Don Draper's Entire Backstory Was A Simpsons Episode (Which Nobody Liked)
Simpsons creator Matt Groening claims that only one episode in the history of the long-running show truly jumped the shark: "The Principal And The Pauper," in which it is revealed that Principal Skinner is an impostor. Fans generally agreed that the plot made for a terrible Simpsons episode. However, a decade later, everyone also agreed that it worked a lot better as the basis of a sexy prestige period drama.
In 2007, America met Don Draper, the successful ad exec and mysterious protagonist of Mad Men. As the first season goes on, we find out that Don Draper is in fact Dick Whitman, an orphan who lived in the most depressing parts of the Depression. When he ran off to join the army, he found himself serving in the Korean War under a lieutenant named ... Don Draper. Long flashback short, Dick accidentally gets the lieutenant killed, swaps dog tags with him, wakes up in a hospital with everyone thinking he's Draper, and never bothers to correct anyone.
Lionsgate TelevisionDick move, Whitman.
Ten years prior to Mad Men's pilot, The Simpsons' Principal Skinner did the exact same thing. At a party celebrating his 20th anniversary teaching, a man claiming to be the real Seymour Skinner shows up and accuses the principal of being an impostor. As it turns out, Skinner was once a young gutter rat named Armin Tamzarian (still a better name than Dick Whitman). Armin found himself fighting in the Vietnam War under a commanding officer named ... Seymour Skinner. After the real Sergeant Skinner was presumed dead, Armin took over his identity, and you know the rest. Anyway, that's how the least sexy character on The Simpsons inspired the most sexy character of the 2000s.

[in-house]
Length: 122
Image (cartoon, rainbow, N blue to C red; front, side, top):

20th TelevisionGet it, Seymour.
The Hateful Eight Bears A Striking Resemblance To An Episode Of An Old Western TV Show
The Rebel was a low-budget cowpoke TV serial in the early 1960s which ran for only two short seasons. However, it clearly had a fan in Quentin Tarantino. Let us know if this sounds familiar: In an episode called "Fair Game," former Confederate soldier Johnny Yuma's horse dies in the wilderness, leaving him stranded. Luckily, he stumbles upon a stagecoach. Unluckily, inside that coach is a bounty hunter transporting an outlaw femme fatale. As darkness falls, the group hunkers down in a cabin until morning, all wary of each other. Then the bounty hunter is poisoned and the ex-Confederate has to solve the whodunit before he gets got as well.
The Weinstein CompanySurprisingly, both also feature scenes wherein Samuel L. Jackson gets his junk blown off.